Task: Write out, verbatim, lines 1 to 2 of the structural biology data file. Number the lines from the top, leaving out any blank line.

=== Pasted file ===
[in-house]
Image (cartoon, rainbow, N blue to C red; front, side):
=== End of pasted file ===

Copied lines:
[in-house]
Image (cartoon, rainbow, N blue to C red; front, side):